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  • Elizabeth Pounds



If you are occupying an office space (or considering leasing an office space), how do you wish this space would serve you? In what ways can it be better? This guide is intended to pull back the curtain on the office leasing process for those who are new and may be uncertain of the process or just for the curious. In this and subsequent articles, we intend to provide an orientation for those who find themselves considering the myriad questions that arise from the need for space, but do not know where to begin. This is not intended to be a comprehensive academic approach, but a user friendly compilation of suggestions and explanations to a process that may at first seem overwhelming. This is also not intended to replace professional real estate advisory services. Rather, it explains why those services are helpful and, in some cases, essential.

© WHPounds Commercial Real Estate, LLC

First, determine whether or not to relocate. This is most easily done once you have a strong understanding of your company and its future. Here is a list of questions that may assist you to better identify your needs.


The first step is to think deeply about your needs.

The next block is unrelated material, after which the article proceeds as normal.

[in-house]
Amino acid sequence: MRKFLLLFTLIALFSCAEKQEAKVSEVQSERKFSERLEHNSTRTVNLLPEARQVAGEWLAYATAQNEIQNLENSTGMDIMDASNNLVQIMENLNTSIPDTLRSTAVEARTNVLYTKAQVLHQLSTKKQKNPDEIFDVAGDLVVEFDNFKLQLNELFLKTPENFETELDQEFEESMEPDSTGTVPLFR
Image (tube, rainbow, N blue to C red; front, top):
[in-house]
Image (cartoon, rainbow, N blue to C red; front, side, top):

• How is the space serving you?

  • In what ways can it be better?

  • What would improve efficiency?

  • Does the current floor plan maximize the utilization of your office?

  • How do your employees interact?

  • Do your employees use collaborative space?

  • Would traditional 8’ by 8’ cubicles along with informal group spaces facilitate their work?

  • How does your current space aid or inhibit your workflow?

  • Why does your company work the way it does? If the answer is “because that’s the way we’ve always done it,” this may be a good time to reevaluate that process.

  • What is your best option to improve your workspace in order to improve your performance?

  • Do you renovate your current space?

  • Expand into another part of your current building?

  • Relocate altogether?

  • Do your lease terms appropriately reflect the market?